The New York City-based ride-hailing app Juno was widely marketed as a different type of platform — one that values its drivers. The company went as far as to say that it would give equity to its drivers. However, in an unexpected turn of events, Juno announced in April that it was being acquired by ride-hailing platform Gett for $200 million. Apparently, in the end, profits took precedence over ethics.
“I had seen Juno as part of the platform cooperativism movement — a recognition that co-ownership matters in the online economy,” said Nathan Schneider, a journalist and a scholar-in-residence of media studies at the University of Colorado, Boulder. “It was part of the Internet of Ownership directory, at least until this buyout was announced.”
Drivers had no say in the matter, despite their supposed stake in the company, and have seen little of that $200 million. In fact, drivers are being given paltry allowances for their shares. Juno’s acquisition shows that for drivers and workers to be a genuine part of the gig economy, there needs to be meaningful action to share ownership and decision-making from the get-go — and a platform cooperative or nonprofit model is one way to ensure that.
On the surface, promises to give equity to drivers sounds meaningful, especially when compared to the blatant, race-to-the-bottom cutting of wages by other ride-hailing companies. It makes it sound as if drivers would own Juno. Obviously, that was not the case, as drivers, even those with substantial shares, had no say in the decision by Juno’s owners to sell the company to Gett.
“If we’re to embrace these schemes, we need to be forthright about what they represent,” Schneider says. “Without real worker power in the mix, it’s too easy for companies like Juno to go back on their promises.”
The company has said little since news of the acquisition was made, with no updates on its social media channels as of publication, and attempts by Shareable to reach both Juno and Gett received no responses.
The Meaning of “Equity”
Juno’s model was curious from the start. On paper, it wasn’t that different from Uber or Lyft’s model. It was registered as a regular, for-profit company, accepted venture capital funding, and used several of the same marketing techniques — including promo codes and subsidized pricing. What was different was the promise — to treat drivers better and give them equity in the company. But as we’ve learned, the company ended up shortchanging its drivers.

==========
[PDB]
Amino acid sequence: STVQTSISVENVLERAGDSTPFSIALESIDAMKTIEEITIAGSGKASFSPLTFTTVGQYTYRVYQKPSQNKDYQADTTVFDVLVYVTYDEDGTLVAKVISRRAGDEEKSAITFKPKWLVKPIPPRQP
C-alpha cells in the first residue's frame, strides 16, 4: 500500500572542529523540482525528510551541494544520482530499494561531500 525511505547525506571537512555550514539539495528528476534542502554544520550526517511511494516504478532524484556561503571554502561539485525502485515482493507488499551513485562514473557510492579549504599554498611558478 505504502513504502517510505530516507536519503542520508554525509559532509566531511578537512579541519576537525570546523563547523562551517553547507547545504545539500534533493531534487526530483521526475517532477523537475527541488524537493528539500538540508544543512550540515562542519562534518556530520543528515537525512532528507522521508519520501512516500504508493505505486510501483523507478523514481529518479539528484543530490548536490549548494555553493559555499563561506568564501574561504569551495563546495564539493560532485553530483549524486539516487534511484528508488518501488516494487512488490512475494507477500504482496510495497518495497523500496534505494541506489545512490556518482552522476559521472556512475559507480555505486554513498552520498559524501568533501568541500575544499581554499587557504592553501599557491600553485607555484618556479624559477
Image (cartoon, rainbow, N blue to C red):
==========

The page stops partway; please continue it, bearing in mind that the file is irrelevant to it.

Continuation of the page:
The Independent Drivers Guild, a group that advocates for the estimated 50,000 ride-hailing drivers in New York City, has filed a complaint with the Federal Trade Commission “for deliberately and egregiously misleading both current and prospective Juno drivers with false claims that drivers would share in Juno’s success.”
Democratic Ownership Models Matter
If Juno has been a genuine platform cooperative, or a nonprofit like the RideAustin based in Austin, Texas, then such a sudden sale would not have been possible. That’s because in a cooperative, all driver-owners have a say in decision-making, and all decisions are made democratically and transparently, not behind closed doors as what happened with Juno and Gett.
“Actual ownership is critical. Not a ‘sense of ownership,’ not an intention to distribute ownership, but actual legal ownership,” says Alanna Irving, co-founder of the Loomio Cooperative based in New Zealand. “Otherwise the incentives will always be against cooperative values and practices.”
Real shares rather than Restricted Stock Units would have given Juno’s drivers more power and more say in the company’s operations. But what would have been even better is a true platform cooperative model, which would be transformative for the ride-hailing industry.
“A genuine platform co-op model… I suspect, would be quite different from either Juno or Uber — cooperation simply doesn’t require the monopolization that they seek,” Schneider says. “I imagine, rather, a network of local driver cooperatives that share an open-source software infrastructure, enabling users to access to local driver co-ops on the same app, wherever they go.”
In fact, this news is giving momentum to the need for stronger protections for drivers in the gig economy.
“This latest bait-and-switch underscores the need for industry-wide protections to ensure a living wage for drivers in the face of deceptive tactics, empty promises and manipulation from ride-hail apps,” Ryan Price, executive director of the Independent Drivers Guild, said in a statement.
While Juno may no longer be an ethical alternative to Uber or Lyft, it does not mean there are no alternatives. We’ve highlighted several alternatives here. Moreover, LibreTaxi, an open-source platform that directly connects drivers and passengers, is seeing rapid growth in users and could — with time — become a genuine, community-driven alternative.